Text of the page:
11. DJ Fronter - Wanna Make You (Original Mix).





Here are links to either personal websites, Facebook pages, or [usually] the SoundCloud pages for a few of the original artists and remixers/producers listed above.



Stefan Hellstrom (Sweden)
Kai Limberger (Germany)
Luca Beni (Italy)
Emilio Romo (Spain)
Marcos Arreza (Spain)
Optician (Belgium)
Lexlay (Spain)
Julian Jeweil (France)
Rama Fashel (Russia)
Johan Muller (Spain)
DJ Fronter (Colombia)



Subterranean Homesick Grooves is a weekly specialty EDM music show with a basic weekly audience base of about 1500 listeners per week through podcasting, direct downloads, and distribution on a small number of internet-based radio networks, plus another hundred or so listeners through SoundCloud, and an unknown number of listeners through terrestrial FM broadcast. If you're a radio station programming director, and would like to add Subterranean Homesick Grooves to your regular programming lineup, contact djbolivia@gmail.com for details. We currently release SHG as an advance download to a number of stations globally on a weekly basis (at no charge), and we welcome inquiries from additional outlets.

Go to the Mix Downloads page on the main DJ Bolivia website if you'd like to check out a number of our older shows, or visit our SoundCloud page for individual tracks and remixes. And if you're interested in learning more about DJ'ing or music production, check out Jonathan Clark's extensive and very popular series of YouTube tutorials. There's a full & organized index of all the videos at:
djbolivia.ca/videos.html

We also have a file containing complete track listings from all of DJ Bolivia's radio shows, studio mixes, and live sets. The PDF version can be viewed from within your browser by clicking directly. Both the PDF and the Excel versions can be downloaded by right-clicking and choosing the "save link as" option:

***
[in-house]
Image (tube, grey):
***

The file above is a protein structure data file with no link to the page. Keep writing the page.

View as PDF file: http://www.djbolivia.ca/complete_track_history_djbolivia.pdf
Download Excel file: http://www.djbolivia.ca/complete_track_history_djbolivia.xlsx









Follow Jonathan Clark on other sites:
        Twitter: twitter.com/djbolivia
        SoundCloud: soundcloud.com/djbolivia
        YouTube: youtube.com/djbolivia
        Facebook: facebook.com/djbolivia
        Main Site: www.djbolivia.ca
        About.Me: about.me/djbolivia
        Music Blog: djbolivia.blogspot.ca
        MixCloud: mixcloud.com/djbolivia
        DropBox: djbolivia.ca/dropbox



You'll notice a Facebook comments box at the bottom of this post. Let me know which tracks you liked best from this mix, or give me any other feedback! It's always nice to hear from people who are listening to the show from around the world! Here's a map showing all the places where people have listened to Subterranean Homesick Grooves in the past month:


Friday, February 17, 2017

Life on Other Objects Besides Earth?

Several years ago, I had a long discussion where I suggested that I believed humans would discover extra-terrestrial living organisms on other objects within our solar system between 2017 and 2019. You know ... science. I also think that we'll discover intelligent extra-terrestrial life within our lifetimes, probably by 2040 at the latest. Call me crazy, but I think it's absolutely inconceivable that in our galaxy alone (let alone the full known universe) there aren't at least tens of thousands of other planets where various forms of life have developed in the past, or still exist. Many of them may not be "intelligent" as we recognize intelligence, but nonetheless, I believe they exist. I just realized it's 2017. I'm now waiting patiently for the former to be announced. In the meantime, I'm going to spend the evening listening to some techno.